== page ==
So far the Disney era of Star Wars (at least the film and TV side, which will always garner the most mainstream attention and money) has shown great reluctance to move far away from the original three Lucas movies. Whether it’s expanding on an original trilogy plot point (Rogue One), or featuring fan favorite legacy characters (everything else), we’re always finding our way back to the story of Han, Luke, and Leia and their fight against the Empire. Which, fine, to a point; the Star Wars franchise started with that story and everything else grows out of it. But at what point do we stop growing new stories and instead cling to the old because it’s safe and familiar?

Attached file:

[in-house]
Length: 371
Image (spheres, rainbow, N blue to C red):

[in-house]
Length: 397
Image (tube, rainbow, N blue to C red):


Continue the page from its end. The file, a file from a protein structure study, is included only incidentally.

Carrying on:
In 2016, Tarkin and Leia felt like a cool novelty. And at the time I thought nothing of it, equating it to similar CGI performances such as Ahmed Best as Jar Jar, Lupita Nyong’o as Maz Kanata, Alan Tudyk as K-2SO, or Andy Serkis’s entire career. But now, five years on, it’s hard not to look back and see it as a portent of what Star Wars is becoming: increasingly self-referential and unable to let go of movies and characters that are over forty years old. Where does it end? Movies and TV shows made entirely of CGI people who speak with AI voices? At what point are we just using technology to play action figures instead of aiding in telling a meaningful story? Are we content to settle for an increasingly stale and lifeless franchise just because it figured out how to recreate thirty-year-old Mark Hamill or nineteen-year-old Carrie Fisher? Stories should grow and change with time, not be forever stuck to a fixed point in time.